How Scots police “snoop” on us 53 times a day

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SCOTTISH police snoop on an average of 53 phone calls and emails every day, according to a senior politician.

The head of the Scottish Parliament’s justice committee, Christine Grahame, warned police powers could turn into a “snoopers’ charter”.

The nationalist MSP claimed the force is monitoring a total of almost 20,000 calls and emails every year.

The email and phone records of anybody in the country can be requested by police and other authorities in Scotland under the Regulation of Investigatory Powers Act.

After getting permission, police officers as well as council officials and members of the security services, can look into computer records and delve into phone data looking for incriminating evidence.

Police Scotland uses its surveillance powers to intercept around 20,000 emails and phone calls annually
Police Scotland uses its surveillance powers to intercept around 20,000 emails and phone calls annually

 

There were 19,390 requests made in Scotland for email and phone records in 2013 with most of the police authorisations used to combat organised crime rather than terrorism.

Authorities are allowed to view email addresses used and all phone numbers dialled or texted although they are not given permission to see the content of emails or listen to particular telephone conversations.

But the scale of state snooping has made the justice committee, currently conducting an enquiry into the powers to monitor communications, uneasy.

Ms Grahame said these methods were needed to help defeat organised crime but she and her fellow committee members had concerns about the extent of surveillance.

She warned: “I acknowledge that it is extremely difficult to get to detailed information on organised crime without using these powers but we have to careful in case it turns into a snoopers’ charter.”

John Scott, QC Solicitor Advocate and Chair of Justice Scotland, said: “I think it is undoubtedly the case it has been used as a snoopers’ charter.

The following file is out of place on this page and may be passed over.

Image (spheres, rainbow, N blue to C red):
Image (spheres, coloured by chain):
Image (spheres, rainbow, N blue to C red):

“Councils have used it for all sorts of completely trivial purposes which it was never intended for.

“Christine Grahame is right to express concerns.”

Asked if he believed police at times used the legislation as a fishing exercise Mr Scott said: “That’s what it looks like sometimes, yes.”

He continued: “It’s difficult because you need to have a balance. It’s important they [the Police] are not simply able to do what they want whenever they want.

“Occasionally you get the impression that not very much information is being put to launch applications.

“I would say there is not complete trust in the process.”

Emma Carr, director of the civil liberties campaign group Big Brother Watch, said some people are already being wrongly snooped on.

“The Government needs to urgently address the fact that there have been multiple warning that spying powers are being overused by some police forces,” she said.

“If the Government fails to address these serious points, we can already know that there will be many members of the public who will be wrongly spied on and accused without any knowledge of this fact or a right or redress.

A police spokesman defended the use of the powers claiming that officers had to use more sophisticated methods to gather evidence.

He added that there were tough safeguards built into the system to prevent abuse.

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